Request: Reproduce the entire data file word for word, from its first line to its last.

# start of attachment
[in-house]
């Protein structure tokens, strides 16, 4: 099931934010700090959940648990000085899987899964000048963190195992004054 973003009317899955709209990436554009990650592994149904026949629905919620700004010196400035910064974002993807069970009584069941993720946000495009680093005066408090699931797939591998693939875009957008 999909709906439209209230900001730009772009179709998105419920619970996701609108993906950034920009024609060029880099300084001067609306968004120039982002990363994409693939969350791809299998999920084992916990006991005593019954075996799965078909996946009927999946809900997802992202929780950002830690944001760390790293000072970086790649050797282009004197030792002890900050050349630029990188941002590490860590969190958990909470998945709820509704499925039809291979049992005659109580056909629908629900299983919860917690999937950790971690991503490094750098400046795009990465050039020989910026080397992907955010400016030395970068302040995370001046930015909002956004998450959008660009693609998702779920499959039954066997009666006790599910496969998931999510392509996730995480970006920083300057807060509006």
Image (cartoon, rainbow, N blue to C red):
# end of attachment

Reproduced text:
[in-house]
């Protein structure tokens, strides 16, 4: 099931934010700090959940648990000085899987899964000048963190195992004054 973003009317899955709209990436554009990650592994149904026949629905919620700004010196400035910064974002993807069970009584069941993720946000495009680093005066408090699931797939591998693939875009957008 999909709906439209209230900001730009772009179709998105419920619970996701609108993906950034920009024609060029880099300084001067609306968004120039982002990363994409693939969350791809299998999920084992916990006991005593019954075996799965078909996946009927999946809900997802992202929780950002830690944001760390790293000072970086790649050797282009004197030792002890900050050349630029990188941002590490860590969190958990909470998945709820509704499925039809291979049992005659109580056909629908629900299983919860917690999937950790971690991503490094750098400046795009990465050039020989910026080397992907955010400016030395970068302040995370001046930015909002956004998450959008660009693609998702779920499959039954066997009666006790599910496969998931999510392509996730995480970006920083300057807060509006």
Image (cartoon, rainbow, N blue to C red):